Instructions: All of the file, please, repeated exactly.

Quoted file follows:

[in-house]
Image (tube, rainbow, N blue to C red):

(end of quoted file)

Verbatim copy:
[in-house]
Image (tube, rainbow, N blue to C red):